A few studies have reported that women who work in the informal sector, particularly those with their own businesses, may be able to adjust their working conditions to suit their baby and family needs such as, taking their baby to work, working shorter or flexible hours or working from home especially in recent times due to the pandemic. However, this comes at a cost for women who wish to pursue careers in more advanced fields of their choices- medicine, education, engineering, etc.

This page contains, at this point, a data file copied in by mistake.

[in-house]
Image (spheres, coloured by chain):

It is not enough to say the government and the organisations should implement these policies; it is also not good to only suggest the idea of moving to countries with better economies or policies, not every african woman is able to japa (meaning- migrate out of Nigeria) to another country for a better life because it is somewhat harder for african women living abroad. So how can we address the inequalities linked with maternity policies, sustainable childcare and career progression among young african women globally?